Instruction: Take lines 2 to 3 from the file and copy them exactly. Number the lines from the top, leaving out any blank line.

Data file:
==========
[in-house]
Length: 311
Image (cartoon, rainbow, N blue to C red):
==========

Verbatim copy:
Length: 311
Image (cartoon, rainbow, N blue to C red):